University of Guelph
Sausage mislabelling in Canada is down, according to a new University of Guelph DNA barcoding study.
Researchers found mislabelling and cross-species contamination of meat ingredients in 14 per cent of sausage samples selected from grocery stores across the country. That’s down from a first-ever study conducted by the same researchers over a year ago that revealed a 20-per-cent mislabelling rate.
“We have reassessed the rates of mislabelling and found lower levels,” said Prof. Robert Hanner, lead author of the study. “The Canadian Food Inspection Agency (CFIA) took follow-up action after our initial study, and it appears that it had an impact.”
Published in the journal Food Research International, the study involved sausage packages labelled as containing only one type of meat.
The researchers used DNA barcoding along with digital PCR technology to determine which meats were in the sausage samples.
“There is DNA in nearly every cell of every organism, so barcoding can be applied to products such as ground meats that would be difficult to identify with other means,” said Hanner, integrative biology professor in U of G’s Biodiversity Institute of Ontario. “In this study, barcoding was used to identify the dominant meat type in the sausage samples.”
“Scientific innovation helps protect Canada’s food supply on many levels, and DNA barcoding plays a key role through species identification. The CFIA applauds the University of Guelph for their research and continued dedication to advancements in science,” said the CFIA’s Deputy Chief Food Safety Officer, Dr. Aline Dimitri.
Researchers tested sausages labelled as beef, chicken, pork or turkey. They also tested the samples for sheep, goat and horse.
Unlike the previous study that uncovered horsemeat in one pork sausage sample, researchers found no horsemeat this time.
“We decided to also include sheep and goat in this most recent study because although they may not be consumed in the same quantities as beef, chicken, pork and turkey, they are commercially raised meats that are commonly present in our food supply chain,” said Hanner.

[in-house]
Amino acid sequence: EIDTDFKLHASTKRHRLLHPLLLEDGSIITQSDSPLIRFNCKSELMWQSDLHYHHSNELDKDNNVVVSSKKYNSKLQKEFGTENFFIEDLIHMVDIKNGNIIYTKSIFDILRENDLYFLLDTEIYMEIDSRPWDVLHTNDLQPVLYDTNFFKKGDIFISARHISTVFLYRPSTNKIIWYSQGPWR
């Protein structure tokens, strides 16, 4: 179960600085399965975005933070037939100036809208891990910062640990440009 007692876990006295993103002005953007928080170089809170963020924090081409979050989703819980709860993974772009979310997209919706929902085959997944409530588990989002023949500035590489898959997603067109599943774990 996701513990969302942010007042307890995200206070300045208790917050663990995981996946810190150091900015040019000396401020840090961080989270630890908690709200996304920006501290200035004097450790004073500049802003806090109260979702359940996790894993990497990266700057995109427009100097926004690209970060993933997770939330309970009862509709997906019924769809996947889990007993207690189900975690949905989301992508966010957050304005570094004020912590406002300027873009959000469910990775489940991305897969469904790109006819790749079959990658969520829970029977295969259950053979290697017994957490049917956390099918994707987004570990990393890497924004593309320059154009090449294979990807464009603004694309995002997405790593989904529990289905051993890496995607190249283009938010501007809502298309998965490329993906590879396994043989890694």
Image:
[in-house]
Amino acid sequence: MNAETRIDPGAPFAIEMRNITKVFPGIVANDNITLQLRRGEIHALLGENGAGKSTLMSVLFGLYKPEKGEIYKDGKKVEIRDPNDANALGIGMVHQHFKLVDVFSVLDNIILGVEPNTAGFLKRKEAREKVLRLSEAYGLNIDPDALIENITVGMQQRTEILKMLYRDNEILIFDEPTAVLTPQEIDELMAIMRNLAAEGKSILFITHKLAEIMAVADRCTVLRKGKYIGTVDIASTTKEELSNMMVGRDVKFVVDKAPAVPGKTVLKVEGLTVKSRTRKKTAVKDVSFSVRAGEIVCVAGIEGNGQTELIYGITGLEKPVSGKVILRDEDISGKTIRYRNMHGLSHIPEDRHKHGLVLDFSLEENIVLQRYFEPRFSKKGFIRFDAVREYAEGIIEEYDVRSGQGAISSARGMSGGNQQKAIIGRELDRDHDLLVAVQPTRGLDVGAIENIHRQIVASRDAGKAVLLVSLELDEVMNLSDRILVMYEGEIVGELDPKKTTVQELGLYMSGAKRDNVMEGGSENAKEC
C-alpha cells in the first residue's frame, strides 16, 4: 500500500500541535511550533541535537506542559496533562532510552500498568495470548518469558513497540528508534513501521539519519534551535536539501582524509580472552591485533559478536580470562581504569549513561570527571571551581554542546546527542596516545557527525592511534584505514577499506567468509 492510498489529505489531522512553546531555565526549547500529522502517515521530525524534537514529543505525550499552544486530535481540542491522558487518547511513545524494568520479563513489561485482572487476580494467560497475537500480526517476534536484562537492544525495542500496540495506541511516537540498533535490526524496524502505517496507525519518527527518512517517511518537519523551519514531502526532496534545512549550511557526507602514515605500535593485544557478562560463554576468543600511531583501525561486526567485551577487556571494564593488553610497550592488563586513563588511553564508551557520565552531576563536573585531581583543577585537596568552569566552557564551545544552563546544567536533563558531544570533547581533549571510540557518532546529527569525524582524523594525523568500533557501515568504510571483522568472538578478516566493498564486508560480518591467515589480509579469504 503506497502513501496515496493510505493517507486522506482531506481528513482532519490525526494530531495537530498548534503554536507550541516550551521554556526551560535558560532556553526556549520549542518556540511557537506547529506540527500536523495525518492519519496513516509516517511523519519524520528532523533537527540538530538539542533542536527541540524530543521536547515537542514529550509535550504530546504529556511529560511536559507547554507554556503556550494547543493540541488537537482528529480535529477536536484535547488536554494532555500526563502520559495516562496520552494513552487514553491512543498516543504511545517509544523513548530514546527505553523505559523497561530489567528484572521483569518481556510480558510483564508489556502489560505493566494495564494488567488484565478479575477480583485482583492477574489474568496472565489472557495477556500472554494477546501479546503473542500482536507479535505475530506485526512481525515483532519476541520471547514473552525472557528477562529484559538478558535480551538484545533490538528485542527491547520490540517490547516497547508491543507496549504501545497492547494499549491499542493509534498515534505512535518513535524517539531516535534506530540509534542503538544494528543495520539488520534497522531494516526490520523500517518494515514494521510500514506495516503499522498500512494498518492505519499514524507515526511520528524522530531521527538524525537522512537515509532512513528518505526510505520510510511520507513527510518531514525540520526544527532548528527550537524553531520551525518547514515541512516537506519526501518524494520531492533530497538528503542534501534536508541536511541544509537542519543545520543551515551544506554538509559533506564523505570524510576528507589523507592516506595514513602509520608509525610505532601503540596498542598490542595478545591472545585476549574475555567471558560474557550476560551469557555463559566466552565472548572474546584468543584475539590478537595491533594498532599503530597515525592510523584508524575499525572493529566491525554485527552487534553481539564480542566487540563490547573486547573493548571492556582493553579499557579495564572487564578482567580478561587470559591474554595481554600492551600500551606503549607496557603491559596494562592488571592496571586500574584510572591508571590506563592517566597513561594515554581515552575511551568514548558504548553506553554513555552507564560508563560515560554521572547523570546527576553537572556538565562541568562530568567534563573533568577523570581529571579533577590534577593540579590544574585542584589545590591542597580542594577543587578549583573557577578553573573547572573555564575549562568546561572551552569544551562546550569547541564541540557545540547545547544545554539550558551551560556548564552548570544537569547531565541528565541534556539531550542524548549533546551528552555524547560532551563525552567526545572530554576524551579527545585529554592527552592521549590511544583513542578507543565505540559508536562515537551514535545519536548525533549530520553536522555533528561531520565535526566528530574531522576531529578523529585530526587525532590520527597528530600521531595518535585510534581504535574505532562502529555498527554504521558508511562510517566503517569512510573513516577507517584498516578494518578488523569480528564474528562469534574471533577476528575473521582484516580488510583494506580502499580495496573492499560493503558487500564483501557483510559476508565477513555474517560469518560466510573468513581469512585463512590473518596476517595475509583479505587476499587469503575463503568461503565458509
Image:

Products were considered contaminated when more than one per cent of another meat was detected. This ruled out trace amounts that might have resulted from incomplete cleaning of processing equipment.
Of the 30 beef sausages tested, five contained sheep, four contained pork and one contained chicken.
Among the 20 chicken sausages tested, three contained turkey, one contained pork and one beef. Of the turkey sausages tested, one contained chicken and one contained pork. All the pork sausages samples had only pork, meaning no cross-species contamination.
Sausages labelled as single-meat but containing more than one meat type contravene food labelling regulations. Consumers may buy these products because of health issues, such as allergies, or lifestyle choices, such as avoiding pork, said Hanner.
Unknown contaminants may also allow transfer of food pathogens, he added.
“In certain cases, it may be of concern when there is a recall on a specific type of meat, but it is not indicated on the label.”
He said it is difficult to determine whether cross-species contamination was economically motivated.
“We don’t know the exact cuts of meat that were found in the samples, so we can’t determine if the contaminant meat was purposely substituted because it was a cheaper meat.”
The next step would be to test throughout the supply chain to determine where mislabelling and cross-species contamination happens.
“We are looking at it from the retail market and finding that there are issues,” said Hanner. “But in order to get a full understanding, we need to look at it from multiple points within the food chain.”